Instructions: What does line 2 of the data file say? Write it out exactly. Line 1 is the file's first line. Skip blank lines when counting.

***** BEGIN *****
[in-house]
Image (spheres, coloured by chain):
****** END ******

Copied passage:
Image (spheres, coloured by chain):